Now that it’s been live a full 6 days, reviews are coming in on Google Maps for Biking. As with everything involving bikes and media coverage, feedback is a bit mixed.
Wired Magazine are ‘crowdsourcing’ reviews, asking people to try their route and see what comes out of the system. It’s a generally savvy crowd, so they aren’t assaulting Google (or their data sources) for errors.
Meanwhile, others are claiming Google is providing hazardous directions. The notable in this category is the NY Post, who found that Google’s data on NYC bike routes is not accurate. Commenters on this article are embracing the general run of bike-hater joy, discussing running bikers off the roads, how this is all a liberal conspiracy, etc. You know, the usual.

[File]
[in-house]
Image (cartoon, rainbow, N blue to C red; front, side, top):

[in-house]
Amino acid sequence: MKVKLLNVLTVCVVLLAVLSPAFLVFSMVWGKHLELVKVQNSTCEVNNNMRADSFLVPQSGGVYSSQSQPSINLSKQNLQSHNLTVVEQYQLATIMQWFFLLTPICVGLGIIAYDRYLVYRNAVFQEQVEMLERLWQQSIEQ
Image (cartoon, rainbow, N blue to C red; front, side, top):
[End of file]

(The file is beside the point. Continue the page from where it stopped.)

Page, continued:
As someone who works with Google services every day (for money!), I’ll say that I come closer to the opinions of the Wired folks. It’s a beta project. The pedestrian walking routes instructions have also been notably erratic (routing people onto highways, onramps, sidewalk-free zones). There are prominent buttons to provide feedback. Garmin and other GPS instructions haven’t been 100% either.
GPS services and Google Maps are always going to be limited by their data sets. I think anyone going somewhere unfamiliar, or coming in from out-of-town, needs to view Google Maps as a guide. Talking to a good local bicycle shop, or a local bicycle club, will ever be your best bet for getting the real (and most current) poop on local bike routes, including road construction, reality of what traffic levels are like, and even if they’re scenic or not. No online data set will ever match the know-how of the local cyclists!